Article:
LOWVILLE — From tip-off to the final buzzer, even when most of Lowville’s starters had already been sent to the bench, the packed bleachers in Lowville’s gym were ready to explode with every layup, 3-pointer or bad call. It was only a late-regular season game against Watertown, and one that the boys varsity basketball team won 71-35, but the crowd was primed and ready for sectionals, and by the looks of the Red Raiders, so were they.
Of course they’re not looking too far ahead, they still have one more regular season game left against Indian River this Thursday. Then they’ll play in the Frontier League semifinals next Tuesday and then most likely in the finals at Jefferson Community College that following Thursday.
But nevertheless, the No. 1-ranked Class B boys team in the state looked ready for more meaningful games. Though the score against Watertown didn’t indicate a particularly close match, the Cyclones provided plenty of challenges for Lowville (15-1 overall, 11-0 league) to navigate.
Watertown (10-8, 6-2) is a big team that is guard-oriented. Ryan Peters, Marlon Hinds-Ventour and Kevin Harp are strong at going to the basket while also presenting a good jump shot.
Initially, the Cyclones tried to speed up the tempo, essentially trying to run past the Raiders. Lowville proved to be just as quick from the jump. “I think that a lot of teams try to do that but we pride ourselves on being in shape and playing a fast game,” Lowville’s Aidan Macaulay said. “I kind of like when teams do that because it kind of plays into our hands so I think that’s a strength for us.”
Watertown is a Class A team and its size and skill-set represents some of the teams Lowville might see come sectionals. “It’s nice to see a team like that because that’s like a team we’ll see in sectionals when we get farther,” Aidan Macaulay said. “The Syracuse teams, Westhill, Solvay, they all have nice ball handlers so it’s nice to see a team that can mirror that.”
Macaulay, who finished with 15 points, talked about the importance of establishing roles heading into the playoffs. Brett Myers finished with four points but played a key role in defending the Cyclones and has come into his own this season as a starter.
“He’s been someone that didn’t get a lot of time last year and he’s coming on to a team that had a pretty good year last year, he’s kind of figured out his niche,” coach Zach Shambo said. “We call him the garbage man, he gets the deflections, he gets the steals, get the put-backs like we saw tonight.”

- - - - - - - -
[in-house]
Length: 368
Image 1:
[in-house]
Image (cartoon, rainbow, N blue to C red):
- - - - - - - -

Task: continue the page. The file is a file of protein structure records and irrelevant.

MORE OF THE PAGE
In an attempt to move the ball out of Lowville’s smothering traps, Watertown turned the ball over. The Cyclones did occasionally create open shots but struggled to hit on their opportunities. Peters and Joel Davis led the Cyclones with eight points each.
Off the bench for Lowville, Brody Brown again came up big with three 3-pointers all in the second half. The Red Raiders boast a strong bench that they can go against in practice.
“Really where they come in most is pushing us in practice, getting us ready for the games, and their support on the bench, they’re awesome on the bench,” Gavin Macaulay. “Not every team has a second unit like that that can really make us work every day in practice. It helps us never take a day off, we’re always working hard in practice, because they’re going to keep it on us if we don’t, they’re going to beat us if we don’t.”
Gavin Macaulay finished with a team-high 17 points, including two of the Red Raiders 10 3-pointers. However, one of his more impressive plays came without the ball in his hands. While getting back on defense midway through the first quarter, the junior took a charge near the sideline to get Lowville back on offense. It was, ultimately, given the final score, meaningless, but it was an example of the type of smart basketball the Red Raiders are playing.
“We talk about that all the time in practice, we look for those opportunities,” Gavin Macaulay said. “Those are the plays that don’t show up on the stat sheet, but are the type of things that get your team into the game, get the crowd into the game. It’s just a heart play and you don’t always get the opportunity to make them, so when you do, you have to make the most of it.”